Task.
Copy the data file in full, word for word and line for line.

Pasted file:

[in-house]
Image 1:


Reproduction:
[in-house]
Image 1: